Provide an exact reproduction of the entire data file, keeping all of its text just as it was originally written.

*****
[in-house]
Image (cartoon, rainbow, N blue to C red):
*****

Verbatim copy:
[in-house]
Image (cartoon, rainbow, N blue to C red):